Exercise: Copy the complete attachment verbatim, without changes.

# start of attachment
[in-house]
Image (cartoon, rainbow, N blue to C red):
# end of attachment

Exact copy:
[in-house]
Image (cartoon, rainbow, N blue to C red):